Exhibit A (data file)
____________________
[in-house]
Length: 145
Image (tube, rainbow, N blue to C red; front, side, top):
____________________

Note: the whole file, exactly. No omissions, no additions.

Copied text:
[in-house]
Length: 145
Image (tube, rainbow, N blue to C red; front, side, top):